WASHINGTON–Prompt action on restoring the long-term solvency of the Social Security system would be “prudent,” the Comptroller General of the U.S. told a packed house at the House Ways and Means Committee today.[@@]

Clearly staying away from the “crisis” language that is creating trouble for Republicans seeking a prompt revamp of the system, David M. Walker, head of the Government Accountability Office, specifically said that the Social Security system is not in immediate danger. But, he said, “it faces a serious solvency and sustainability challenge as time passes.”

In his opening statement, panel chairman William Thomas, R-Calif., said, “I do want to remind members as we move forward that retirement security in an aging society does not depend on Social Security alone. Personal savings, pensions, health care, especially long term and chronic care, each play a central role in helping seniors meet their needs.”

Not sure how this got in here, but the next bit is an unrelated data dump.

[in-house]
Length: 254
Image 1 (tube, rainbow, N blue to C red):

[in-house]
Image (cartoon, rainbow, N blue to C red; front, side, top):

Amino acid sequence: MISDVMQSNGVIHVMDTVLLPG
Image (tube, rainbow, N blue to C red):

Democrats on the committee were adamant that any hopes for bipartisanship will be elusive unless President Bush and Republican congressional leadership drop their demands for creating private accounts.

Meanwhile, new Republican polling data shows “there is a rejection of the term ?crisis’ as an accurate description of the state of the Social Security system, and this rejection increases in intensity as the respondents get older.”

The analysis was based on 14 focus groups held last month in scattered locations paid for by the National Republican Congressional Committee, the campaign arm of the House GOP, according to a report by the Associated Press.